1. Repairs

It is the landlord’s responsibility to pay for and organise repairs. Tenants can apply for an order that the landlord compensate you for economic loss if it was caused by the landlord’s failure to do the necessary repairs.  For example, if the oven is not repaired, you are entitled to compensation for spending excess money on take- away. The tribunal can order up to $15,000 in compensation.


  1. Selling the Property

If the landlord wants to sell the property they can, however, as a renter you still have rights. If the property is sold and the current lease is not finished, the buyer of the property becomes the new landlord. The tenancy agreement continues as before, on the same terms and you are not obligated to sign a new lease.


Although it may feel as though tenants have no rights and no power compared to the landlord or the estate agents, this really isn’t the case. If a landlord or agent is breaking tenancy law, or your signed tenancy agreement, you are within your rights to seek advice and compensation from a Tribunal.

3 Surprisingly Enticing Toll Incentives

toll road

One of the biggest hassles of driving in Sydney is the tolls. It’s hard to get anywhere without encountering at least one toll road. However, they are a necessary evil as the roads don’t get expanded for free, and without bigger roads there would be even more traffic – that would be a complete nightmare! Despite using toll roads everyday, there might be some facts that surprise you!


  1. Regular Toll Users Get Free Rego

There’s a new law that has recently come into effect stating that if you spend $25 or more per week on tolls, you may be eligible for free rego. This is to encourage people to continue driving, as building more roads and making current roads bigger would be completely pointless without anyone using them. This is designed so that people are either paying for rego or for weekly toll usage, and not for both. The NSW government also hopes that it will entice more people to use toll roads rather than taking the longer back road options. So, if you use toll roads on a regular basis, this might apply to you!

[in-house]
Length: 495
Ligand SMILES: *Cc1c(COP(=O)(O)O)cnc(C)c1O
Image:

1. M5 Cashback Scheme

This scheme allows NSW residents to get back the value of tolls paid while using a NSW registered vehicle on the M5 motorway. To get money back for M5 tolls you need to have paid the toll using an electronic tolling account and be a NSW resident driving a NSW registered car. You are able to register for cashback at any time by contacting your electronic tolling account provider. The tolls you accumulated before registering for cashback wont be refunded, but every trip using the M5 afterwards will essentially be free!


  1. LinktGO

If you aren’t a regular user of tolls, having to go through a toll road becomes such an effort. Without an E-tag it can be really difficult to actually pay the toll fees. No one wants to receive letter after letter about unpaid tolls. What you might not know is that there’s now ‘an app for that’! LinktGO is a free app that you download and use to track your trips; all you have to do is type in your licence plate number and using the GPS system in your phone the app will calculate which roads you have used and which tolls you need to pay. This means you avoid any extra fees for not having an E-tag. It’s really easy and saves you from added stress from unpaid toll fines.


Everyone would agree that tolls are really annoying. But, they don’t have to be the main focus of any trip. Hopefully these three tips will save you some money when it comes to travelling around Sydney.

Sydney Lockout Laws: Who are they really locking out?

lock out laws

The Sydney lockout laws were introduced in 2014 by the NSW Government, with the aim being to reduce alcohol related violence. This law prohibits people entering hotels, registered clubs, nightclubs and karaoke bars in lockout areas after 1.30am and prevents these venues from serving alcohol after 3am. So what effect has it had?